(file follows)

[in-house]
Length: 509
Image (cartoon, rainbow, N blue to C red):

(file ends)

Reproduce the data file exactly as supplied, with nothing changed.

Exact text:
[in-house]
Length: 509
Image (cartoon, rainbow, N blue to C red):